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Each year in the United States, millions of people visit hospitals, physicians, and other caregivers and receive medical care of superb quality. But that’s not the whole story. Many patients’ interactions with the health care system fall short (Institute of Medicine, 1999, 2001). As of 2018, quality was improving slowly overall in the United States but lagging in some regions of the country; moreover, serious disparities exist, harming minority and low-income populations (US Department of Health and Human Services, 2018).

A 2016 study estimated that over 250,000 people each year die as a result of preventable medical errors in hospitals, meaning that medical errors are the third leading cause of death in the United States (Makary & Daniel, 2016). Every year, 1 out of every 25 patients develops an infection while in the hospital—an infection that did not have to happen. A Medicare patient has a 1 in 4 chance of experiencing injury, harm, or death when admitted to a hospital (The Leapfrog Group, 2018).

Hospitals vary greatly in their risk-adjusted mortality rates for Medicare patients; during 2009 to 2012, risk-adjusted deaths from heart failure and pneumonia were three times higher for lower-quality compared with higher-quality hospitals (Medicare Hospital Quality Chartbook, 2013). A previous study showed that if low-quality hospitals reduced mortality rates to the level of high-quality hospitals, 17,000 to 21,000 fewer deaths per year would have occurred (Schoen et al., 2006).

Ambulatory care also has quality problems. A 2003 study found that adults in the United States received just over half of recommended health services (McGlynn et al., 2003). A 2016 follow-up concluded, “Despite more than a decade of efforts, the clinical quality of outpatient care delivered to American adults has not consistently improved” (Levine et al., 2016). Preventable medication errors are estimated to impact more than 7 million patients, contribute to 7,000 deaths, and cost almost $21 billion in direct medical costs (Lahue et al., 2012). In some primary care practices, patients are not informed about abnormal laboratory results more than 20% of the time (Casalino et al., 2009).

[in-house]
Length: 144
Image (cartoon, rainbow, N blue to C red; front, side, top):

Two million lives would have been saved in 2006 if preventive services had been regularly delivered to the entire population (Maciosek et al., 2010). Only 53% of people with hypertension are adequately treated (Yoon et al., 2015) and only 14% of people with diabetes meet their targets for glycemic, blood pressure, and cholesterol control (American Diabetes Association, 2019). Racial and ethnic minority patients experience an inferior quality of care compared with white patients (US Department of Health and Human Services, 2018).

Chassin and Loeb (2011) summarized, “Health care quality and safety today are best characterized as showing pockets of excellence on specific measures or in particular services at individual health care facilities … The pockets of excellence ...

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